Classic Corner: Dial ‘M’ for Murder

Alfred Hitchcock made two films in 1954. First came Dial ‘M’ for Murder at the end of May; then Rear Window on the first day of September. Read the often-cited conversation between the director and François Truffaut, and it is apparent that Hitchcock spent much of the former film’s production more concerned with the latter, a befitting fact for a film preoccupied with adultery. 

The pair of 1954 movies marked the end of Hitchcock’s play with “limited settings.” Lifeboat (1944) was the first of what would become a quartet of such films. It was followed by Rope (1948), which, like Dial ‘M’ and Rear Window, takes place in an apartment brimming with tension. In fact, one sees much of both Rope and Rear Window in Dial ‘M’ for Murder. Ray Milland plays Tony Wendice, an ex-tennis-star, who, like the young men of Rope, tries to execute the perfect murder, covering his tracks using the domestic trappings of a comfortable London flat shared with his wife, Margot (Grace Kelly). Margot’s lover, Mark (Robert Cummings), and the cunning Chief Inspector Hubbard (John Williams) unite and eventually piece together the facts of Tony’s plot and save Margot’s life in the process. 

Dial ‘M’ for Murder takes its story from a successful stage play of the same name by Frederick Knott, who also penned the script. (Knott also wrote the play on which another limited setting classic is based, 1967’s Wait Until Dark, starring Audrey Hepburn.) The challenge, as Hitchock explained to Truffaut, was how to adapt a stage play in a way that still felt cinematic. This can be seen best in the film’s greatest sequence, when Tony, like a siren, lures an unsuspecting former classmate, Charles Swann (Anthony Dawson) to the flat and hires him to murder Margot, an act motivated both by revenge and the money Tony will inherit upon her death. 

After Tony reveals his true intentions, Swann, a seasoned criminal, still requires some convincing: how is Tony sure this plot will work? Tony, the suave-as-ever Milland, moves about the apartment like a cat, demonstrating to Swann how he has thought through every detail of the murder-to-be. Hitchcock’s clever camera work includes a god’s-eye-view of the flat, in which Tony acts out just how his wife will make her way from the bedroom, past the otherwise charming bar cart, and to the spot on which Swann will later pounce. At another moment, Tony sits with one leg casually crossed over the other in an armchair before a cozy fireplace. Hitchcock and cinematographer Robert Burks put the camera in the floor of the flat, shooting Milland from below so as to demonstrate the power and confidence his character exudes. The otherwise comfortable, domestic space becomes disrupted through the camera’s lens.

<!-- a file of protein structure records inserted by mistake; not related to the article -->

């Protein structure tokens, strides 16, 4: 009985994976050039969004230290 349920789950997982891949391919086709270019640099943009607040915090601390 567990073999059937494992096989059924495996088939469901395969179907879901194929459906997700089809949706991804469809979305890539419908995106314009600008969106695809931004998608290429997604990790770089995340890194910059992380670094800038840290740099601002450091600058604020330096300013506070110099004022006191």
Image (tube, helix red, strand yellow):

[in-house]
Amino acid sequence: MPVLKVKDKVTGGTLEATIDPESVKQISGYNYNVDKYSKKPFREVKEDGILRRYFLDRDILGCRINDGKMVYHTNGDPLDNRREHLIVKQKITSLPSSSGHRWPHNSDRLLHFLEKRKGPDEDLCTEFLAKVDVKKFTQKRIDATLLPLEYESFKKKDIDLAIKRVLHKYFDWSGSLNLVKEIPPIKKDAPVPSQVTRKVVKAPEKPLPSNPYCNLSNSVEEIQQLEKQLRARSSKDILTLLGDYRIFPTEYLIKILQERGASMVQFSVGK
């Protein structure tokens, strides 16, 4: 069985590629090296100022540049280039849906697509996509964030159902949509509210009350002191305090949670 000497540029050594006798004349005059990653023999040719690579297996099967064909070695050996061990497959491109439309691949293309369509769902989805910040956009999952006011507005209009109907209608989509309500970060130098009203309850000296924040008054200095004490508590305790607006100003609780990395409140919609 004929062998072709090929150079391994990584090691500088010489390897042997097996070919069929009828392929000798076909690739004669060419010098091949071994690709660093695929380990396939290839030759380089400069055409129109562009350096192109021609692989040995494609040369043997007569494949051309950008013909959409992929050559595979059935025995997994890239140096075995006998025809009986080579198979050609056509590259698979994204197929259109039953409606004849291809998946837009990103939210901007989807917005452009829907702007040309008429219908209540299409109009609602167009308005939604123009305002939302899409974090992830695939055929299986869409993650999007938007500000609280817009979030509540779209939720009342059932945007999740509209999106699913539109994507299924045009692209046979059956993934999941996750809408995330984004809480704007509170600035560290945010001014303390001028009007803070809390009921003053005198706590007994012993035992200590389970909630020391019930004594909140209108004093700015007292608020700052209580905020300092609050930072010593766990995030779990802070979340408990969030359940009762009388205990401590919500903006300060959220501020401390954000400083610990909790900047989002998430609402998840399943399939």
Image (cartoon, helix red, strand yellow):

Tony and Swann seem to be doing a dance around the apartment as the former talks, rehearsing for his accomplice the steps that will become the perfect murder. Often set in between them is a green lamp, a seemingly banal object that comes to heighten the tension between the two men. In the decades since its release, most viewers would have experienced this lamp, and indeed all of the film itself, as “flat.” Why is Hitchcock so obsessed with this lamp? The answer can be found in the film’s production history. The release of Dial ‘M’ for Murder came at the end of what is now referred to as the “Golden Age of 3-D Movies,” a period that the 3-D Film Archive marks as lasting from about 1922-1955. Like many objects throughout the Wendice apartment, the lamp adds a layer of texture when viewed in 3-D. But reviewers, moviegoers, and projectionists alike soon found that the viewing experience of Dial ‘M’ was better “flat,” thus leading to the version of the film most commonly circulated today. 

The best scene to view in 3-D is Swann’s failed attempt on Margot’s life. Gruesome to this day, Swann strangles Margot on Tony’s desk. She reaches behind her head, towards the camera, fully extending her fingers to grab a pair of scissors, which she then shoves into Swann’s back, killing him. In 3-D, Kelly as Margot extends a hand to us in the audience, a plea for help that we cannot return. It makes the moment all the more devastating. Tony then returns to the apartment and immediately begins to alter the crime scene, placing evidence that the police will use to charge Margot with murder. She killed Swann, the logic goes, to stop him from blackmailing her about the affair with Mark. 

Dial ‘M’ for Murder is a film in two parts: before and after the murder. In between, Margot appears before a judge, who sentences her to death. But rather than bring us inside the courthouse, Hitchcock offers an unusual courtroom scene, one reminiscent of the dream sequences found in films like Spellbound (1945) and Vertigo (1958). Single shots of Margot and the judge are filmed against a glowing, blood red background, condensing the scene so as to abstract the legal process into a visceral one, capturing the might of the law and its ability to punish even the innocent. The whole ordeal must have felt like a dream, or, indeed, a nightmare, to Margot. 

Beyond the strong performances by all in the cast, the genius of Dial ‘M’ for Murder is how it functions as a smörgåsbord of cinema, blending the talky scenes of the theater with unconventional camera angles, an abstracted courtroom sequences, and a mix of 3-D magic. We have, perhaps, the distractions provided by Rear Window to thank for this under-appreciated, oddball of a Hitchcockian masterpiece.

“Dial ‘M’ for Murder” is streaming on Tubi and Kanopy.

Back to top